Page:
Paradoxes Of Power In Sociological Insight By Randall Collins

1166 words - 5 pages

Paradoxes of Power in Sociological Insight by Randall Collins

It may be said that the institution of power has always been a prevalent force in our

society. It is a large part of what holds society together; without it civilized society as we know it

would not exist. The functions of power range from keeping crime at bay to the more

commonplace aspects such as allowing patrons to be served in a restaurant. The notion of power

is almost invisible until further analyzed; it is something that we perceive as being simple

and therefore take for granted. Yet there are so many intricacies in regard to power that still

remain to be seen. In Chapter Three of Sociological Insight by Randall Collins, the author

establishes some valid points concerning power. He posits that power is something of a self-

contradiction, that it is often most effective when subtly exercised. Collins also delves into the

various forms that power may take, such as money and coercion, which are negated as valid forms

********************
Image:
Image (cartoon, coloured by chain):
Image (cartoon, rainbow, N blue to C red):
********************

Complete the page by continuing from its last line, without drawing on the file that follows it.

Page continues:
of power. Lastly, the importance of implicit principles and understandings is emphasized, also

illustrating that power is most firmly established in the realms of both certainty and uncertainty.

In accordance with the title of Chapter Three, Paradoxes of Power, Collins' main point is

that power is truly a contradiction; the word itself evokes images of monarchs and times long

gone by. But in the present day and an era marked by the rise of democracy, power has little to

do with such institutions; rather it something that is exercised on high levels as well as lower ones.

Although it is something not often thought about, power is everywhere. It is evident in the legal

system's prosecution of criminals and a child's compliance with a mother's request; it is entirely

possible that power exists in some form within every human and social relationship. Yet some

forms of power are certainly more effective than others. The key to realizing power most

effectively lies in the acknowledgement of occasional concession and knowing when to "giv(e) in

on something less important" (74). For instance, once again consider the example of a mother

and child. Assume that the child wants to go over to a friend's house to play, but he has promised

his mother that he would do his chores that afternoon. The child begs his mother to let him go

and play, assuring her that he will do his chores immediately upon arriving home. The mother

concedes, and the child is happy. If we are to analyze this situation in terms of gains and losses,

the mother has gained points with her son and has essentially suffered no loss-the chores will still

be done, only a few hours later. Throughout the entire scenario, the mother's power is evident,

both explicit and implicitly; the son does not forget that his mother has the ultimate say in what

he does, and in letting her son go...

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